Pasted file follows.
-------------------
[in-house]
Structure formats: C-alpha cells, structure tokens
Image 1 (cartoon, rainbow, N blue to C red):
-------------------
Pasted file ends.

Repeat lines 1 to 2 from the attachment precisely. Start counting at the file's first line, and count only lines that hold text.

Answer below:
[in-house]
Structure formats: C-alpha cells, structure tokens